The Buckeye defense essentially saved the day against Maryland because they consistently made plays when plays needed to be made. Despite this, the defensive performance wasn’t exactly perfect. Let’s take a look at the good and the bad from Ohio State’s defense against Maryland.
Ohio State played very well against the pass on Saturday. I hardly ever cite stats because they never tell the full story and can be very misleading. However, I think it’s worth noting that, against Ohio State, Taulia Tagovailoa had his season low in passing yards (196 yards) and his season low completion percentage (51.2%). Furthermore, many of Maryland’s successful plays through the air were contested catches against good coverage; very rarely did they find wide open receivers. I think some of this can be attributed to the way Jim Knowles mixed up coverages and used disguise throughout the day.
Naturally, Knowles did call for Cover 1 Rat a few times:
However, Knowles also used a fair amount of Cover 1 Robber coverage. Cover 1 Robber is essentially the same as Cover 1 Rat except, instead of having a linebacker in the low hole reading the quarterback’s eyes, one of the safeties will roll down to the low hole. As a result, one of the linebackers will be in man coverage on either a tight end or a slot receiver. See an example of this in the following clip – Ohio State starts in a 2-high safety look before boundary safety Lathan Ransom rolls down to the low hole, and Mike linebacker Tommy Eichenberg is in man coverage on the tight end:
While Knowles did not call for any Match-3 on Saturday, he did go back to calling for Cover 3 Buzz on a few occasions, such as on the play where J.T. Tuimoloau got home for the sack:
Note how Steele Chambers drops out to the curl-flat zone while Ransom rolls down to the hook zone.
As usual, Ohio State played some Tampa-2 in coverage as well. For example, on the Josh Proctor pick-6, Knowles disguised Tampa-2 by running it out of a double A-gap mug front:
In addition to Tampa-2, Knowles also called for some regular Cover 2 throughout the game, which was something I hadn’t previously seen from him since he got to Ohio State. See an example below:
The obvious difference between Tampa-2 and regular Cover 2 is that Tampa-2 has a player drop deep into the high hole. See the difference below in the following diagrams:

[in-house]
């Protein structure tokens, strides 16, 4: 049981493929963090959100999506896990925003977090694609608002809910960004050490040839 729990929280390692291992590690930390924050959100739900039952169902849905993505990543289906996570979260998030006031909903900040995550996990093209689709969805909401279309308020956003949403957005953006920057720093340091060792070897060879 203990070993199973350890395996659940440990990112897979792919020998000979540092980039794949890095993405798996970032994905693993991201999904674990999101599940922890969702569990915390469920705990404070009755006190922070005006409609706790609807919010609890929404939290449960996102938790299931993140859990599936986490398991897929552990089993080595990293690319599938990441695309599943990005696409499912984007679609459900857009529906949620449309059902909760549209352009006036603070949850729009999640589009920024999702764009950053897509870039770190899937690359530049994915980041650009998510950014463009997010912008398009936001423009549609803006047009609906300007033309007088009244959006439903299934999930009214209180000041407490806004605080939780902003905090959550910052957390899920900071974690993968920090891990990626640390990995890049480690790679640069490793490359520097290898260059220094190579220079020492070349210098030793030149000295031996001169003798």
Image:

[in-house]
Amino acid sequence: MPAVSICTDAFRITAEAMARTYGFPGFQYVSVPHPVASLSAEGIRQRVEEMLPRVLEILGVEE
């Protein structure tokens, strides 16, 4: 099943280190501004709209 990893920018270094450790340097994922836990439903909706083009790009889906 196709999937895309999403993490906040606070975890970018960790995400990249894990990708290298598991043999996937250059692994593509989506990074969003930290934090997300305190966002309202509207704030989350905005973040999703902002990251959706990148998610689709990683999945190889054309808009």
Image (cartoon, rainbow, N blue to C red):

Furthermore, Knowles continued his trend of incorporating more quarters coverage schemes this season. Below, for example, you’ll see Ohio State in Cover 4:
Additionally, Knowles once again decided to call for some Cover 6 (quarter-quarter-half coverage), meaning one side of the field is playing Cover 4 while the other side of the field is playing Cover 2. See an example of this below – Ohio State is playing Cover 2 to the boundary (top of the screen) and Cover 4 to the field (bottom of the screen):
I also think it is worth pointing out how well Ohio State defended Maryland’s Zone Slide RPO play all day. A Zone Slide RPO looks like Split Zone at first, but the tight end continues out into the flat as a target for the quarterback. In the following clip, note how Tuimoloau tackles the dive, Eichenberg scrapes over the top for the quarterback, and Proctor picks up the tight end sliding into the flat. As a result, the quarterback had no choice but to throw the ball into the dirt:
The run defense was inconsistent on Saturday. While they made a lot of big plays in key moments, there were also times where Maryland was able to gain solid chunk plays on the ground.
Below, for example, Ohio State gives up a solid gain against Maryland’s GT Counter Bash play:
And in the following clip, Maryland runs a GT Counter RPO, but Ohio State called for a KNOB stunt (Nose Tackle to the B-gap), which results in a huge hole:
The run defense got much better as the game went on, however. Below, Maryland runs Insert (a play Ohio State struggled with quite a bit against Notre Dame), but Cody Simon does a great job taking on the inserter’s block and making the tackle:
Then in this next clip, Jack Sawyer does a solid job spilling the pulling tackle’s block against GT Counter, and Josh Proctor is right there to make the stop:
Finally, Maryland tried a Power Pop Pass in the second half after getting a big gain from this play in the first half. However, this time, Tyleik Williams fights over top of the center’s down block and makes the stop for a short gain:
There is still room for improvement against the run. Ohio State has made a lot of big stops in short yardage situations this season, and they have not allowed any home run plays on the ground, but they have also allowed quite a few solid gains. Against the pass, however, Ohio State continues to look much improved and rather impressive.